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Château Pierre-Bise Coteaux du Layon Premier Cru Chaume 2016

Château Pierre-Bise Coteaux du Layon Premier Cru Chaume 2016

Having finished my examination of Savennières last week, the final instalment being a detailed look at the Coulée de Serrant appellation, I am now nearing the end of my exploration of the various vineyards and appellations of Anjou. Only a few additions remain. These include a page (or two) on the generic Anjou appellation, a chapter which twenty years ago might not have seemed too important, but this is certainly not the case today, it being a melting pot of exciting terroirs and up-and-coming vignerons. And, before I finish up, I will also be looking at the region’s less exalted appellations, those that are well-known such as Rosé d’Anjou, as well as less familiar names. Anyone for a glass of Anjou Coteaux de la Loire?

Each time I come to the end of a region (I have previously added guides to the Central Vineyards and the Nantais) I find myself reflecting on what I have written, and more often than not just how much I have learnt along the way. In Anjou I was particularly pleased to publish a four-part exploration of the region’s geology, looking at the various seams of schist which lie around the Layon, the other volcanic rocks of note, and also the less widely appreciated limestone terroirs of Anjou. Geologically it is a complex region and it was satisfying to finally cement my own understanding of it in place.

Château Pierre-Bise Coteaux du Layon Chaume 2016

One other confusing facet of Anjou wine is less geological and more manufactured, and that is the name of the Coteaux du Layon Premier Cru Chaume appellation, a region which in recent times has undergone a crisis of identity. The vineyards surround those of the Quarts de Chaume appellation, and it has unsurprisingly long been regarded as superior. In keeping with this nearly twenty years ago some vignerons pressed for its recognition as a premier cru, and as a consequence in 2003 it was given the rather wordy new name of Chaume Premier Cru des Coteaux du Layon.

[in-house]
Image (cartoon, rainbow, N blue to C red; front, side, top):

Perhaps understandably this ruffled a few feathers, particularly among some with vines in the Quarts de Chaume appellation, and what followed was a sequence of legal challenges and setbacks; the new name was thus revoked in 2005, followed by a second new christening in 2007, when it became Chaume Premier Cru. This too was thrown out after legal challenges, which left some vignerons wondering exactly what they should (or could) call their wine. Eventually Chaume returned to the Coteaux du Layon fold, but with the optional premier cru suffix (which today the majority, but not all, of the vignerons use), which stuck, partly because Quarts de Chaume was given grand cru status at the same time (and partly because all legal challenges were eventually exhausted). I think it is only in looking back at these events, quite a few years on, that I have really grasped the full timeline of events, so again writing this guide has informed me as much as it (hopefully) informs readers.

Claude Papin at Château Pierre-Bise was a driving force behind the recognition of the Chaume and Quarts de Chaume vineyards as superior (through the premier cru and grand cru classifications respectively) and the domaine has adhered to the Coteaux du Layon Premier Cru Chaume designation since it was approved. The 2016 Coteaux du Layon Premier Cru Chaume from Château Pierre-Bise presents a rich and golden hue in the glass, with a lightly bronzed suggestion. And there is no getting away from the botrytis on the nose (although why would you want to?), which is loaded with the scents of caramelised orange and apricot, dressed with a touch of toasted nut and praline, even at this stage. This confident aromatic profile is an opener for a palate of svelte and voluptuous texture, underpinned by a pithy substance and grip, which carries a bed of caramelised and dried fruits. Despite its imposing presence it remains beautifully balanced, succulent and it has freshness too. And of course it has length. This has the capability to evolved in the cellar over another ten or fifteen years at the very least, and is surely one of the best example of the Coteaux du Layon Premier Cru Chaume appellation out there, whatever name it might go by. 96/100 (18/1/21)

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